The fog rolled in yet rested in Carpinteria. We were foolish to not stop for breakfast in Ventura. As soon as my family and I drove into Ventura, California, we saw the Amtrak train famous for the views of California. My son had never ridden an Amtrak train, especially one so grand as the Pacific Surfliner that rides the waves along the coast from San Luis Obispo to San Diego. My son jumped on the Surfliner in Ventura and rode with his mother up to Santa Barbara, where I drove to pick them up. But we had to return to Las Vegas for Super Bowl Weekend, so we turned quickly south without breakfast in Santa Barbara. My son was famished. Hungry, he asked repeatedly for me to pull the car over, so we turned west on Linden Avenue in Carpinteria. The beach resort town of Carpinteria was gorgeous, magical, still covered in fog, you could feel mist from the waves hitting your face, and the restaurant near the ocean that we pulled over to eat at was called Esau’s Cafe. There were people standing outside, eating at new tables set up outside, because every local seemed to want to eat breakfast at Esau’s Cafe each Sunday morning. Since then, we have returned to Carpinteria many times just because of the great dining experience was engaged in at Esau’s Cafe. Crab Cake Eggs Benedict with fresh baked biscuits, muffins, seafood tacos with fried fillets of fish, my son had the grilled calamari steak sandwich with a combination of hot onion rings and french fries – his first calamari steak ever. The platters around us were impressive with waffles, pancake layers fluffy thick inches off each plate, and as I took a tour of our colorful surroundings inside the restaurant a large bake pan had high, thick biscuits cooling right next to the over, which I cannot get out of my mind as I write these words, because the biscuits smelled golden brown with butter, milk, flour, and yeast prepared to perfection. I wanted to return to order a dish off the menu using the biscuits, because the oven pan made them appear so delicious. The beach is a temptation. The small town is nearly hidden. I would have never stopped in Carpinteria unless my son ordered me to out of a desperation for hunger. Nor would I have found Linden Avenue, the location for Esau’s Cafe. The walls are painted bright colors with surf boards and menus written out with colorful chalk. Nothing is saturated as you have in a fast food diner off the freeway with plastic wrapped egg sandwiches slapped with processed ham. Homemade dishes. Home cooked breakfast crafted by proud chefs. Even the cooks and staff walked around with confidence, because they were proud of the delicious dishes they were serving. The beach was relaxing. By the time we finished our first meal, the fog had burned off giving way to the sun. My son collected sea shells on the sand of the beach right next door to Esau’s Cafe. My wife walked in the waves with her pants getting wet after taking off her socks and shoes. Our family returned to Carpinteria the very next week after driving seven hours from Las Vegas, Nevada, because the temptation of Esau’s Cafe after waking up in Las Vegas was too great to resist the drive to find a resort hotel to sleep in so that we could dine at Esau’s Cafe for another Sunday morning of searching for sea shells polished by the ocean waves next to the restaurant that continues to bring us back to Linden Avenue each time we need to engage in an exodus out of Nevada’s dry climate. Dine at Esau’s Cafe if you travel to Santa Barbara, Oxnard, Malibu, you have to eat at this Esau restaurant even if you have to take the Amtrak train. The Pacific Surfliner Amtrak train stops two minutes away by foot from Esau’s Cafe. I tell you this because you can feel like your on a second honeymoon by stopping in to eat and stay the night in Carpinteria from San Diego to Santa Barbara. That is what I may do this weekend now that I remember by writing about the breakfast adventure.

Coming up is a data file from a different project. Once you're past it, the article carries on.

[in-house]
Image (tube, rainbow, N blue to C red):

507 Linden Ave, Carpinteria, CA 93013